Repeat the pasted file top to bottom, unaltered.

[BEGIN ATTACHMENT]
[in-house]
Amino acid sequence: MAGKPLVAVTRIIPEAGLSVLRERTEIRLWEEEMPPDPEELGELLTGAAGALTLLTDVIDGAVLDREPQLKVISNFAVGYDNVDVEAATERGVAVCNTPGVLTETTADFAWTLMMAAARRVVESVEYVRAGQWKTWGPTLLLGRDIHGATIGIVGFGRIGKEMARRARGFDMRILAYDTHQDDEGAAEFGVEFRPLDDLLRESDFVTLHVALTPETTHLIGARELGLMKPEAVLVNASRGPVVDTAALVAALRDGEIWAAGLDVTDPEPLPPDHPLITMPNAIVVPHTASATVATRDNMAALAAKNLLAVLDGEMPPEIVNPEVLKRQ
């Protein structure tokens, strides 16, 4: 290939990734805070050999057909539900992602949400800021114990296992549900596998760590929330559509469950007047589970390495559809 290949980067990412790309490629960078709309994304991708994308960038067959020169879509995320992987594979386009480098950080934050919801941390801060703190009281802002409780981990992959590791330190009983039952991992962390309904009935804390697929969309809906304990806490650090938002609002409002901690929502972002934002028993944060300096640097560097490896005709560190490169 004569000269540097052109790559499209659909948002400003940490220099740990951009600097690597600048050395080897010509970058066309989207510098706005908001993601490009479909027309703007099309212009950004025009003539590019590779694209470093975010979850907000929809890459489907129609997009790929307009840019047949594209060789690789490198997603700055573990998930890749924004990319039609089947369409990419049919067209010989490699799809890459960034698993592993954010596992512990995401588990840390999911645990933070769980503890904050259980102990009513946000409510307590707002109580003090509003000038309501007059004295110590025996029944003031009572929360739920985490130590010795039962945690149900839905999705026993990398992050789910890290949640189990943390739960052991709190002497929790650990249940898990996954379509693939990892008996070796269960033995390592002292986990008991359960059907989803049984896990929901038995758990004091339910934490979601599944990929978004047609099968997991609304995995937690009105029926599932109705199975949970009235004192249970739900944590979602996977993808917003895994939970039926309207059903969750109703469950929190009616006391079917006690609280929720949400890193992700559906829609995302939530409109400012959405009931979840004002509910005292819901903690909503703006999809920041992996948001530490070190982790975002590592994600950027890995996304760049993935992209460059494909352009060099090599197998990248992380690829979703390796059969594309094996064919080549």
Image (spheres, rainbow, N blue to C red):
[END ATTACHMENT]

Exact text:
[in-house]
Amino acid sequence: MAGKPLVAVTRIIPEAGLSVLRERTEIRLWEEEMPPDPEELGELLTGAAGALTLLTDVIDGAVLDREPQLKVISNFAVGYDNVDVEAATERGVAVCNTPGVLTETTADFAWTLMMAAARRVVESVEYVRAGQWKTWGPTLLLGRDIHGATIGIVGFGRIGKEMARRARGFDMRILAYDTHQDDEGAAEFGVEFRPLDDLLRESDFVTLHVALTPETTHLIGARELGLMKPEAVLVNASRGPVVDTAALVAALRDGEIWAAGLDVTDPEPLPPDHPLITMPNAIVVPHTASATVATRDNMAALAAKNLLAVLDGEMPPEIVNPEVLKRQ
């Protein structure tokens, strides 16, 4: 290939990734805070050999057909539900992602949400800021114990296992549900596998760590929330559509469950007047589970390495559809 290949980067990412790309490629960078709309994304991708994308960038067959020169879509995320992987594979386009480098950080934050919801941390801060703190009281802002409780981990992959590791330190009983039952991992962390309904009935804390697929969309809906304990806490650090938002609002409002901690929502972002934002028993944060300096640097560097490896005709560190490169 004569000269540097052109790559499209659909948002400003940490220099740990951009600097690597600048050395080897010509970058066309989207510098706005908001993601490009479909027309703007099309212009950004025009003539590019590779694209470093975010979850907000929809890459489907129609997009790929307009840019047949594209060789690789490198997603700055573990998930890749924004990319039609089947369409990419049919067209010989490699799809890459960034698993592993954010596992512990995401588990840390999911645990933070769980503890904050259980102990009513946000409510307590707002109580003090509003000038309501007059004295110590025996029944003031009572929360739920985490130590010795039962945690149900839905999705026993990398992050789910890290949640189990943390739960052991709190002497929790650990249940898990996954379509693939990892008996070796269960033995390592002292986990008991359960059907989803049984896990929901038995758990004091339910934490979601599944990929978004047609099968997991609304995995937690009105029926599932109705199975949970009235004192249970739900944590979602996977993808917003895994939970039926309207059903969750109703469950929190009616006391079917006690609280929720949400890193992700559906829609995302939530409109400012959405009931979840004002509910005292819901903690909503703006999809920041992996948001530490070190982790975002590592994600950027890995996304760049993935992209460059494909352009060099090599197998990248992380690829979703390796059969594309094996064919080549």
Image (spheres, rainbow, N blue to C red):